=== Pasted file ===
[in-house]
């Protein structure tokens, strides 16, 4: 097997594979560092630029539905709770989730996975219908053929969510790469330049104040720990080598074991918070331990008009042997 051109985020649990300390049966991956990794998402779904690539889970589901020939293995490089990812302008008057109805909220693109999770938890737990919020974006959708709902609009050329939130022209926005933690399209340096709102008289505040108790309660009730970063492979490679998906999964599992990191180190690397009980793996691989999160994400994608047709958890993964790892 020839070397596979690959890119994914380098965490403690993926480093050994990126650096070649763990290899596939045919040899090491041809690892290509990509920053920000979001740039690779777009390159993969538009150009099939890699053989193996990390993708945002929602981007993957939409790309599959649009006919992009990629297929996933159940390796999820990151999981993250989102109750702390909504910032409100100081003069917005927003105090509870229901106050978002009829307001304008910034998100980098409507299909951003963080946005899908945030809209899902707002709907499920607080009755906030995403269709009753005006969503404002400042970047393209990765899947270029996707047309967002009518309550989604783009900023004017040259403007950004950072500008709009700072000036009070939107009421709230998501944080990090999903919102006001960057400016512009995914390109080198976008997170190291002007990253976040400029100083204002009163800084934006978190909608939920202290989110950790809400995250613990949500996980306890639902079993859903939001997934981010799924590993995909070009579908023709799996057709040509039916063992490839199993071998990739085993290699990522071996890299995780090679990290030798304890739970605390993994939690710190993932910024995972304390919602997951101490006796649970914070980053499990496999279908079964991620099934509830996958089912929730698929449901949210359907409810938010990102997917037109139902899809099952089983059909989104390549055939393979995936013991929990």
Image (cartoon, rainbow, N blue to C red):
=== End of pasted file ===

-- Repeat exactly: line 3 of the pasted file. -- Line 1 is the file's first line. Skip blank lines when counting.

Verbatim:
Image (cartoon, rainbow, N blue to C red):